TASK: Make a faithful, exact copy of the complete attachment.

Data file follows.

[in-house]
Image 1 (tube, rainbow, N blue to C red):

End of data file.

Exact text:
[in-house]
Image 1 (tube, rainbow, N blue to C red):